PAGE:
October 24, 2000
My IBA Ballot
Our Staff Makes the Call
(All next week, we'll be bringing you the winners of the 2000 Internet Baseball Awards. This week, we'll be running some ballots submitted by the Baseball Prospectus staff, along with their commentary. We continue the series today with Keith Woolner.)
My ballot is heavily influenced by the Value Over Replacement Player (VORP) system that I devised. More information on VORP is available at http://www.stathead.com. However, I don't let small differences in VORP automatically determine where a player ranks. I discount DHs more than VORP indicates, and probably don't consider defense at a position as strongly as I should, mostly because I'm dissatisfied with most of the defensive systems out there.
AL Player of the Year
Pedro Martinez had a season for the ages, one of the top five pitching seasons since 1901 according to VORP, and easily tops my Player of the Year ballot. Alex Rodriguez and Carlos Delgado get a slight edge on Nomar Garciaparra due mostly to their extra playing time.
NL Player of the Year
This was a very difficult ballot to fill out, mostly because the top dozen players were so close in value. Jeff Kent gets my #1 vote, but after that, I have no quarrel with anyone who wants to rearrange the order of the players.
Honorable mentions: Gary Sheffield, Richard Hidalgo, Sammy Sosa, Jose Vidro, Jim Edmonds, Tom Glavine, Jeff D'Amico, Todd Helton, Phil Nevin, Andruw Jones, Jeff Bagwell, Moises Alou, Bobby Abreu, Luis Castillo, Mike Hampton, Al Leiter and Jason Kendall.
AL Pitcher of the Year
I doubt I have to explain my #1 pick here, and Mike Mussina as #2 is pretty straightforward. Derek Lowe at #3 is probably a surprise, but getting 91 quality innings from a closer is pretty remarkable these days, and it's the third year in a row that Lowe has carried a heavy workload well. Bartolo Colon, David Wells, Roger Clemens and Brad Radke all had comparable VORP to Tim Hudson and Chuck Finley, and could have easily warranted a place on the ballot.
Honorable mentions: Colon, Wells, Clemens, Radke and Keith Foulke.
NL Pitcher of the Year
If I could have cast my ballot as a three way tie for first among Randy Johnson, Kevin Brown and Greg Maddux, I would have. I've rarely seen three pitchers so similar in value atop the league VORP ratings. The raw stats that Gabe White posted in Colorado are simply astounding. And while I probably should have put Tom Glavine fifth, I wanted to give some recognition to Jeff D'Amico's outstanding season, even though it was light on innings.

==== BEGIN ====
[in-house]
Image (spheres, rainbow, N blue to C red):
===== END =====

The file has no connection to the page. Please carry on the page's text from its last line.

When it comes to Rookie of the Year voting, I consider rates of production more than total value. A rookie winning a job has a lot to do with managers' tendencies, and to award one player who had a starting job in April over a better performing player who finally forced his way into the lineup in June doesn't seem right to me. Thus, I consider it the most impressive performance by a rookie, rather than the most valuable, as is probably clear from my #1 picks in both leagues.
AL Rookie of the Year
OK, so Barry Zito didn't pitch even 100 innings, but that ERA was still the second-best in the AL (behind Pedro Martinez) for pitchers with as many innings as Zito. And allowing fewer than seven hits per nine innings as a starter gets my attention.
Terrence Long provided above average production for Oakland all year long; the only AL rookie with a better rate of VORP was Adam Piatt, and his having fewer than 200 plate appearances placed him below even my threshold of consideration. Tomokazu Ohka's presence on the list may surprise some, but he threw as many innings as Kelly Wunsch or Kazuhiro Sasaki, and posted a better RA+ than either of them despite being a starter. Not to mention that he solidified the Red Sox's rotation behind Pedro Martinez while they battled for the wild card.
NL Rookie of the Year
Rick Ankiel vs. Mitch Meluskey vs. Rafael Furcal came out closer than I would have thought. Once I decided that Meluskey had enough playing time for full consideration (he had 400 plate appearances, seventh-most among all National League catchers), I didn't penalize him for playing time. Meluskey's rates of production for his position were much better than the other two. He ranked second among NL catchers in OBP (to Jason Kendall) and third in slugging average (to Mike Piazza and Todd Hundley). In fact, other than Piazza, Meluskey was arguably the top catcher in the league when he played, even considering the Enron factor.
Ankiel wasn't quite as impressive next to other starting pitchers as Meluskey was to catchers, but it was darn close. Furcal had a fine OBP, but his lack of power (.382 SLG) dropped him to third on my ballot.
Keith Woolner can be reached at firstname.lastname@example.org.